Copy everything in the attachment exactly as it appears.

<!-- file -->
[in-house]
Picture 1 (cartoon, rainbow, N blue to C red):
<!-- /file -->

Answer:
[in-house]
Picture 1 (cartoon, rainbow, N blue to C red):